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NFL morning after: A Sunday of football, the best TV show ever

Aaron Dobson AP

The late, great Hall of Famer Art Donovan was in an old ESPN commercial, back when ESPN first began airing NFL pre-game and post-game shows, in which he pointed out that if you watched both of ESPN’s Sunday NFL shows, plus both of the NFL games airing in your own local market, you’d spend more than eight hours on Sunday watching nothing but football. As the idea of that much football in one day sunk in, Donovan proclaimed, “I love it!”

Now, of course, there’s a lot more pre-game and post-game coverage than there was back then, plus there’s the Sunday night game, which didn’t exist back then. Now you can turn on the TV for the first pre-game show, on NFL Network, at 7 a.m. Eastern, and keep watching football through the Sunday night game on NBC, which often ends after midnight, then watch the various highlight shows that keep going well after midnight. Forget eight hours of football, you can spend 16 hours or more in front of TV watching nothing but football.

And I love it.

The NFL is America’s best and most popular television show, and there’s simply no such thing as too much of it. I think nothing of turning on pre-game shows at 7 in the morning on Sunday and leaving some football, either live games or NFL news and highlight shows, on my TV until I go to bed after midnight. During the offseason, I love a good TV binge — I can go back to Breaking Bad or The Wire or Seinfeld or Arrested Development over and over and over again — but I’ve had my fill of any of those great shows long before I’ve watched 16 hours in one day. There really is no such thing as too much football.

Think about how great the television programming was yesterday, for those of us who can watch all the games on the Sunday Ticket package. In an insane rush of fantastic finishes starting around 4 p.m. Eastern, we got four different thrilling endings within minutes of each other:

– The Jets beat the Patriots in overtime after New England fans found out the hard way that you’re not allowed to push your teammate into the line to try to block a field goal.

– Washington beat Chicago 45-41 in a crazy back-and-forth battle that featured six rushing touchdowns, three passing touchdowns, a special teams touchdown and a defensive touchdown.

– Cincinnati beat Detroit on a 54-yard field goal as time expired.

– The Bills kicked a go-ahead field goal with 31 seconds left, then hung on for dear life as the Dolphins maneuvered into position for a last-second Hail Mary that fell incomplete in the end zone.

That kind of drama beats anything you’ll ever get in scripted television, but that was just a few minutes of Sunday’s football binge. We also got:

Peyton Manning’s return to Indianapolis, in which the Colts legend turned Broncos quarterback suffered his first loss of the season in front of fans who cheered him loudly when he was introduced before the game, then cheered even louder when the Colts won.

– The Steelers beating the Ravens on a field goal on the last play of the game.

– Two of the most talented receivers you’ll ever see, Calvin Johnson and A.J. Green, putting up 155 yards apiece in Bengals-Lions.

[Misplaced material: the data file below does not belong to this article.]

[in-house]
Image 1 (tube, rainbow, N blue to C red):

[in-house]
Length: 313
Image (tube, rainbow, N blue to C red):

– Monte Kiffin’s Dallas defense stepping up in a big way, completely shutting down Chip Kelly’s Philadelphia offense in a 17-3 win.

Philip Rivers continuing his ridiculously efficient season passing the football by completing 22 of 26 passes in a win over the Jaguars. Rivers has now completed 73.9 percent of his passes this season. (The all-time single-season record is 71.2 percent, set by Drew Brees two years ago.)

Case Keenum leading the reeling Texans to a surprisingly competitive performance against the undefeated Chiefs before ultimately falling to Kansas City, the league’s most pleasant surprise.

Watch all of that football, all day long, and you’re going to be exhausted and bleary-eyed by the end of the day. But it’s still not too much football. There’s no such thing as too much of sitting in front of your TV watching football.

Here are the rest of my thoughts on a great Sunday in the NFL:

The first three touchdowns of the day were scored by the defense, and Matt Schaub wasn’t even playing. Mr. Pick Six himself was out for the Texans’ late afternoon game, but the early afternoon games got started with not one, not two, but three quarterbacks giving up the ball to a defensive player who took it to the house. First we had Sam Bradford throw an interception that Carolina’s Captain Munnerlyn returned for a touchdown. Then we had Ryan Tannehill throw an interception that Buffalo’s Nickell Robey returned for a touchdown. Then we had Mike Glennon fumble a ball that Atlanta’s Thomas Decoud returned for a touchdown. It was Geno Smith and Jeremy Kerley, of all people, who got on the board for the Jets’ offense and ended the league-wide run of defensive touchdowns. (And Smith would throw a pick-six of his own later in the first quarter.)

Pro Bowl voting begins way too early. The NFL allowed fans to start voting for Pro Bowl rosters on Sunday morning, when some teams had only played five games and some had only played six. Why on earth are we voting for Pro Bowlers now, when they’ve still got two-thirds of the season to play and the game is more than three months away? If the NFL wants to make the Pro Bowl more relevant, how about waiting until the end of the season to vote, so fans can actually vote for guys who had good years?